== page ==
To be sure, it is peculiar that the candidates were kept in the dark about the procedures and format, for all of which the Central Election Commission is to blame. As we subsequently saw, these debates had formats that varied in some important ways from channel to channel, including the issue of live versus taped broadcast.

Over the course of the nearly three weeks of debates, changes came about in format that were initiated by the candidates themselves, beginning with Ksenia Sobchak, who was quickest off the mark and most determined not to be told how to behave by the very people she urges the electorate to vote against as a played out generation.  Specifically, Sobchak was the first to do what any experienced public figure regularly does on interview programs or talk shows: ignore the question and use the microphone given to her to speak directly to voters about what she considered important.  She was not censored, the tapes were not cut and thereafter such a possibility was stated by presenters on some of the debates so that other candidates could avail themselves of the same option. Few did.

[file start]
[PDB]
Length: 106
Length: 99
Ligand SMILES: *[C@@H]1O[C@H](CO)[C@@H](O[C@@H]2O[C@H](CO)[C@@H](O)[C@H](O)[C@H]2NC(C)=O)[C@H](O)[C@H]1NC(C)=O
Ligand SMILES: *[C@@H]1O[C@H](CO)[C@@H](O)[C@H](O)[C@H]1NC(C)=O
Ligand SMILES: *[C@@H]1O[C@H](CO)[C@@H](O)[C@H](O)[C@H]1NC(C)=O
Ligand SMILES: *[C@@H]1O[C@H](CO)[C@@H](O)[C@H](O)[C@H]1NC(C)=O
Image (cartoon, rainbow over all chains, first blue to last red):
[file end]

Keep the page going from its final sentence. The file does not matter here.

Sobchak definitely added color and at times scandal to the entire debating process. In this respect, she was fully the match of nationalist party candidate Vladimir Zhirinovsky who for decades has had exactly that niche position to himself in electoral politics and in talk shows.  The other candidates were not dull, but were far more polite, and so less newsworthy.